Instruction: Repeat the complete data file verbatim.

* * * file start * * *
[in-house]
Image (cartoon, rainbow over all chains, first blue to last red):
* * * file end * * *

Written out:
[in-house]
Image (cartoon, rainbow over all chains, first blue to last red):